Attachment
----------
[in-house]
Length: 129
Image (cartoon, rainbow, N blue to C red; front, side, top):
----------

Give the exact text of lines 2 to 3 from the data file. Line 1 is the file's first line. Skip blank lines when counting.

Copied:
Length: 129
Image (cartoon, rainbow, N blue to C red; front, side, top):